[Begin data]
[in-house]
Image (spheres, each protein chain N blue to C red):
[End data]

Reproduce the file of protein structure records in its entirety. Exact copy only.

[in-house]
Image (spheres, each protein chain N blue to C red):